European Water Chestnut
European Water Chestnut is an invasive aquatic plant native to Europe, Asia and Africa. Imported as an ornamental water garden plant, it was first observed in North America near Concord, Massachusetts in 1859. Since its arrival in North America, it has become a serious nuisance by forming dense mats of floating vegetation that shade out native vegetation, decrease plant biodiversity and seriously affect swimming, angling and boating in affected areas. The hard nuts have barbed spines which may cause injury when stepped on.
The European Water Chestnut is an annual plant that reproduces by vegetative means and seeds, which remain viable for up to 12 years. Containing hundreds of seeds, the nuts sink to the water bottom where the seeds germinate in the spring. One acre of water chestnuts can produce enough seeds to expand to 100 acres the next year. European Water Chestnut plants may be spread by re-rooting of leaf pieces and distribution of nuts downstream when individual plants are uprooted. Due to the size and weight of the nuts, it is unlikely they are spread by waterfowl or water currents.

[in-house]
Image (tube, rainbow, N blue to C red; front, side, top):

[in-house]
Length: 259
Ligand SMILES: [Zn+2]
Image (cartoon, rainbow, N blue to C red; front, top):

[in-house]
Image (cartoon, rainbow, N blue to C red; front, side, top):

Because the plant is an annual, control methods focus on removing the plant before it blooms and spreads seeds. Plants are pulled out and disposed of far away from water. Destroying one plant will prevent up to 120 plants from growing next year.
European Water Chestnut is established in the northeastern United States, with isolated populations in southern Quebec and on the Ottawa River within Voyageur Provincial Park.
How can you help?